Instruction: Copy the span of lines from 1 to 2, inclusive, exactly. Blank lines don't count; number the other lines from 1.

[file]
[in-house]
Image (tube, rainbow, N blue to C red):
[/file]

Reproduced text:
[in-house]
Image (tube, rainbow, N blue to C red):